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THE ELECTRIC KITCHEN


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Savory Korean cuisine is key to festival fun


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LAST UPDATED: 02:24 a.m. HST, Jul 07, 2010



See live Korean dance performances, tae kwon do demonstrations, a Korean song contest and cultural exhibits of Korean artifacts and memorabilia at the Ninth Annual Korean Festival.

KOREAN FESTIVAL

» Where: Kapiolani Park
» When: 5:30 p.m. Friday (with Sunset on the Beach at 7) and 10 a.m. to 9 p.m. Saturday
» Parking: Shuttle service to and from Kapiolani Community College
» Information: Visit www.koreanfestivalhawaii.com
A big part of the festival is, of course, food, so expect savory, mouth-watering samplings of Korean cuisine. On the menu: kalbi (barbecue short ribs), bibim gooksoo (spicy mixed noodles) and kim chee fried rice.

Special foodie attractions include cooking demonstrations and a kim chee eating contest.

Proceeds from the festival are used to fund service projects and ventures that benefit the Korean and larger community in Hawaii, including an annual scholarship fund.

Festival organizers shared the following recipes with us. Try one out and experience Korea.

GOGIJEON (MEAT JUN)

Palama Supermarket

1/2 pound lean beef, thinly sliced
Salt and pepper
Vegetable oil to pan-fry
1/2 cup flour
1 egg, beaten
Salt and pepper
Soy sauce

Cut beef into 2-by-2-inch pieces. If beef is thick, pound with back of knife or meat tenderizer to make paper-thin.

Lightly season meat with salt and pepper. Heat nonstick skillet with 2 to 3 tablespoons oil. Dredge meat in flour, shaking off any excess flour, then dip into egg. Pan-fry for about 1 minute on each side or until lightly browned.

Serve with soy sauce. Serves 2.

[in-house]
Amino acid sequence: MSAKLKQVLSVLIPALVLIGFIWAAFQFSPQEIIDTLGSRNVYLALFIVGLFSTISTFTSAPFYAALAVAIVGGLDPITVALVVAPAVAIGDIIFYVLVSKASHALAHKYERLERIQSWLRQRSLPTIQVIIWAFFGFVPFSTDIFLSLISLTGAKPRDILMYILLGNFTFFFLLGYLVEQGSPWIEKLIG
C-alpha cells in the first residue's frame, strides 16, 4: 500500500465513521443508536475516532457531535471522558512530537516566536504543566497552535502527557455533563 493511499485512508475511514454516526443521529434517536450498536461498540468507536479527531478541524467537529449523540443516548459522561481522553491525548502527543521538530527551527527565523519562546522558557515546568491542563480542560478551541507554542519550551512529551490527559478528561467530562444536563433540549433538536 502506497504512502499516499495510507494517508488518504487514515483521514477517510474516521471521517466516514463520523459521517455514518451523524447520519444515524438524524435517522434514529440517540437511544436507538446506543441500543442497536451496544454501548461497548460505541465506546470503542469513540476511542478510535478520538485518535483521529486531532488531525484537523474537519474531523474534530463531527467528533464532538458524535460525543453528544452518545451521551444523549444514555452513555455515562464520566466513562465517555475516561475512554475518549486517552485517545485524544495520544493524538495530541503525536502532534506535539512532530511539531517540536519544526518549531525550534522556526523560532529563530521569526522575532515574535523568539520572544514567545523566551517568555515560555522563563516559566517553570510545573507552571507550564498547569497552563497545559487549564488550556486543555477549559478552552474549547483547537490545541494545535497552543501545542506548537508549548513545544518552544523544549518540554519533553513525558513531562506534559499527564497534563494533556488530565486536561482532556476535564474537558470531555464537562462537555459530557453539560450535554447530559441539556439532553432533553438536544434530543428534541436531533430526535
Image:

Approximate nutritional analysis, per serving (not including salt or soy sauce): 430 calories, 27 g fat, 3.5 g saturated fat, 175 mg cholesterol, 100 mg sodium, 16 g carbohydrate, 1 g fiber, no sugar, 29 g protein

BINDAEDDEOK (MUNG BEAN PANCAKE)

Palama Supermarket

14 ounces dried mung beans
1 medium onion, thinly sliced
1/2 carrot, julienned
3 green onion stalks, cut diagonally (plus a few more stalks for topping, if desired)
1/8 pound beef, sliced into thin strips
1/4 cup bean sprouts, blanched and roughly chopped
1/2 cup kim chee or blanched won bok, in strips
2 teaspoons salt
Vegetable oil for pan-frying
Soy sauce

Rinse mung beans and soak in cold water for 3 hours. Strain and remove outer shell by rubbing with hands; rinse with cold water.

Place in a food processor with a little water and grind to fine paste.

In separate bowl, mix onion, carrot, green onions, beef, bean sprouts and kim chee or won bok. Stir in mung bean paste and salt.

Heat nonstick skillet and add oil. Use ladle to pour enough mixture onto skillet to make 3- to 4-inch circle for each pancake. Cook until browned; turn over and brown other side.

Serve with soy sauce and more green onions, if desired. Serves 6.

Tip: For convenience, instead of soaking and grinding mung beans, use instant mung bean pancake powder that can be purchased at a Korean supermarket.

Approximate nutritional analysis, per serving (not including optional ingredients): 350 calories, 18 g fat, 1.5 g saturated fat, 5 mg cholesterol, 900 mg sodium, 35 g carbohydrate, 13 g fiber, 5 g sugar, 14 g protein

For more recipes from Hawaiian Electric Co., visit www.heco.com.






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